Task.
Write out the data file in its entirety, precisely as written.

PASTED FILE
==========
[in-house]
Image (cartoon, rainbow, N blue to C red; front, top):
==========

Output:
[in-house]
Image (cartoon, rainbow, N blue to C red; front, top):